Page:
I revisited the work I did at Gwen Hedley`s workshop (Contemporary Kente) whilst participating in an earlier level one course, A Creative Approach To Textiles with the Open College of Arts. I reminded myself of the various process I had used  using fabric & stitch  as well as using wrapping techniques. I called my piece Spanish Mafia Wedding, the colourways were very different than any of the other participants on the course,  with their muted blues, browns and ivories. This course had also been my first introduction to contemporary embroidery and it changed the way I though and worked with embroidery for ever. I deleted from my mind tidy rows of perfect stitches on anti-macassars on my mother’s chair and sofa backs.
spanish mafia wedding
Spanish Mafia Wedding

Sample 2.1.1a : I clipped tiny holes with a punch using two pieces of strong handmade paper. Next I used button hole stitch along the two edges to be joined to give it extra strength, & then I joined the two resulting edges with a contrasting coloured thread using ladder stitch. The result was a sturdy and malleable surface and could be further embellished, or other surfaces attached to it if I chose to do so.

paper and stitch
2.1.1a and 2.1.1b

Sample 2.1.1b: I reinforced a smaller piece of the same handmade paper using interfacing to make it stronger and joined it to the first sample with safety pins.

Sample 2.1.2a: I took a vintage printed fabric and cut straight through the printed pattern in three places. I then joined the two edges together with ladder stitch using a thick thread without reinforcing the fabric or strengthening the edges with anything other than paper underneath, so in effect the surface is likely to fray. Later I thought I could add an iron-on fabric stabliser to the reverse to make it stronger. I liked the sample because it had added an interesting texture to the surface.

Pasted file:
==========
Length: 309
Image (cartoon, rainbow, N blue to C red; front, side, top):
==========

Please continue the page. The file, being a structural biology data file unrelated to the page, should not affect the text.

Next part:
IMG_0037 copy
2. 1.2a fabric and stitch
Sample 2.1.3a: Two pale brown felt pieces were cut straight across at the edges, I stitched them back together with a variety of cross stitches in different weight threads and outlined the area with small black straight stitches in an effort to show that the join was almost invisible. I did not like the sample, except for the simplicity of the join. I added more joined edges embellishments to make it look more interesting.
brown felt
Samples 2.1.3a – 2.1.3d
Sample 2.1.3b: I took the sample 2.1.3a above and added a dark felt piece using a pair of  hook & eyes meant for skirt waistbands, joining them using large French knots in an attempt to make it look decorative rather than ugly stitching. I wanted to expose the hooks rather than use them in the more traditional way of hiding them. The two techniques were simple, but I didn’t like the sample. I wanted to create something on a much bigger scale and use the idea on a different medium. I had no desire to keep adding embellishments to make any more of the work. What I have learned is that even a ‘poor’ sample can be a jumping board for another idea. The second sample should really be in the category below under ‘joining edges with a gap’ and also ‘joining overlapping edges’ using studs.
Sample 2.1.3c. Using the same felt sample I joined two straight edges using metal studs.
Sample 2.1.3d – I used Kantha stitch to join two edges.
Sample 2.1.4: A piece of brown organza was joined with an iron-on webbing to a piece of scrim between two sheets of baking parchment. The invisible webbing partly melted in the centre, where perhaps I had held the iron too long. I feel this sample has potential for more work, despite the fragility of the materials and the melting effect. I like the concept of Wabi Sabi and the idea of mending old or worn sufaces, making them beautiful in the process. This fragile piece may be the perfect opportunity at a later date.
organza & scrim
2.1.4 organza & scrim